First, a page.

Suu Kyi's detention extended
Myanmar's military leaders have extended the period of house arrest for opposition leader Aung San Suu Kyi, a government source has said.
The source, from the interior ministry, said it was unclear if the extension was for six months or for a year. But another government source said that the extension was for a year. He said it had been imposed after negotiations broke down, probably because of restrictions on movement.
"As far as we know, the plan to lift her house arrest became abortive when the talks between the regime representative and her failed on Friday morning," the source said.
Security outside the Burmese democracy activist's home in the capital, Yangon, had been stepped up before her detention period was due to expire and armed police manned barricades to prevent any traffic from passing.
Aung San Suu Kyi had been allowed to meet a senior United Nations official a week ago, and members of her National League for Democracy (NLD) party had been hoping that Myanmar's rulers might release her.
Kofi Annan, the UN secretary-general, appealed directly to the head of the military on Friday to free her this weekend when her existing six-month detention order expired.
"I take this opportunity to appeal to General Than Shwe and the government to release her," Annan said in a statement. "I am relying on you, General Than Shwe, to do the right thing."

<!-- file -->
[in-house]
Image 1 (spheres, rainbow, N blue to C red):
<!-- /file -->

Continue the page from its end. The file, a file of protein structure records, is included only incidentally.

Nyan Win, a spokesman for Suu Kyi's party, the National League for Democracy said on Saturday: "This is a big disappointment and a major setback to national reconciliation. The extension is exactly opposite of what we expected."
Aung San Suu Kyi, 60, has spent more than 10 of the past 16 years behind bars or under house arrest. Her latest stretch of detention started "for her own safety" on May 30, 2003 after clashes between her supporters and pro-government demonstrators.
Saturday is also the anniversary of the regime's ballot-box humiliation at the hands of the NLD in 1990, which won 392 of 485 parliamentary seats in the first multi-party elections in 30 years but was denied power by the military.
Myanmar, which used to be known as Burma until May 1989, has been under military rule since a coup in 1962.
Governments of Myanmar's neighbours in Southeast Asia, who had been hopeful for a release, were disappointed to hear of the extension.
Syed Hamid Albar, Malaysia's foreign minister, told reporters, "I am very surprised. I was hoping ... that they would not extend the house arrest. But that is their right. Of course, we are disappointed."
Thailand's foreign minister, Kantathi Suphamongkhon, said: "I was hoping the release should come today. It was a good opportunity ... We would like to see Myanmar back in the realm of the international community, so progress in national reconciliation is something of importance. So I'm disappointed."
He said Thailand would "work with Myanmar to try to bring this situation to a speedy and concrete development soon".